Wednesday, 23 August 2017
News Politics

North Korea negotiations must be high on the agenda for November’s election winner

Kim Jong-un
North Korean leader, Kim Jong-un. Photo credit: KCNA

Over the years, we’ve spoken several times about North Korea, including the late Kim Jong-un’s golf prowess, and Bill Clinton’s bid to rescue itinerant US reporters who had strayed north of the border.

Since the end of 2015, the North’s actions have become more disconcerting and the progression toward acquiring very serious weapons has accelerated. Perhaps a recap of recent events is in order:

In December 2015, North Korea test fired a submarine-based missile. It claimed success, but the majority of observers and analysts designated the test a failure. North Korean state media also mention Pyongyang had produced a hydrogen bomb.

In  January 2016, North Korea carried out an underground nuclear test – its fourth – which they claimed was a thermonuclear device. Analysts quickly cast doubt, saying the device was more likely similar to the fission-based devices used in previous tests.

February 2016, North Korea launched a satellite. Critics call the launch an excuse to test banned ballistic missile technology.

March 2016, Pyongyang claimed to have miniaturized nuclear weapons to the extent they can fit on the head of a missile. These claims were doubted by analysts.

April 2016, North Korea tested a new high-powered missile engine. They also test-fired a submarine-based ballistic missile. Although the North claimed the launch met all test criteria, analysts and observers remain undecided on whether the test was a success.

If we take the improbable line and believe all of Pyongyang’s claims, the situation is very grim indeed. But it’d be equally remiss to take the critics at face value. The likely reality is that the North’s current capabilities lie somewhere between the two, and one would hope closer to the line taken by the critics.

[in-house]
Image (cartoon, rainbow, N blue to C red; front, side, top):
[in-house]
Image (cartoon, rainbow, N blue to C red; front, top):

Several facts we know: Pyongyang has successfully detonated nuclear devices, they’ve successfully fired multistage ballistic missiles, and they have demonstrated a strong resolve to accomplish what they have set out to do – perhaps with covert help from without.

On the few instances when apparent progress has been made (the 1994 freeze on nuclear programs, and the 2007 closure of the Yongbyon reactor), results have come from extended bouts of diplomacy, involving multiple nations. While sanctions may have caused additional discomfort for the broader population of North Korea, they have not had noticeable impact on Pyongyang’s weapons programs.

As recent reports indicate a resumption of excavation operations at North Korea’s main Punggye-ri nuclear test site, re-opening negotiations with North Korea must be edging ever closer to the top of the list of foreign policy considerations for any incoming president.

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